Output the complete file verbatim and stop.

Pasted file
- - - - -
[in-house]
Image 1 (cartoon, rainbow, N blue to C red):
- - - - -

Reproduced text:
[in-house]
Image 1 (cartoon, rainbow, N blue to C red):